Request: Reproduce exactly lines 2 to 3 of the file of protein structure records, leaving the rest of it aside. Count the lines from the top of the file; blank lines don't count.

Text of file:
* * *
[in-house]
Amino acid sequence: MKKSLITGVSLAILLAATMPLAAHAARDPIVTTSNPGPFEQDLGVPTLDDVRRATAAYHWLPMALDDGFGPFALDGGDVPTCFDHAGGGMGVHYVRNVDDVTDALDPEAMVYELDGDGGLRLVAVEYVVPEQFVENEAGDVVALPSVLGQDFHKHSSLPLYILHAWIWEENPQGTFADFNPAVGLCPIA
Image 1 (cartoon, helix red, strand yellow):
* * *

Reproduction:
Amino acid sequence: MKKSLITGVSLAILLAATMPLAAHAARDPIVTTSNPGPFEQDLGVPTLDDVRRATAAYHWLPMALDDGFGPFALDGGDVPTCFDHAGGGMGVHYVRNVDDVTDALDPEAMVYELDGDGGLRLVAVEYVVPEQFVENEAGDVVALPSVLGQDFHKHSSLPLYILHAWIWEENPQGTFADFNPAVGLCPIA
Image 1 (cartoon, helix red, strand yellow):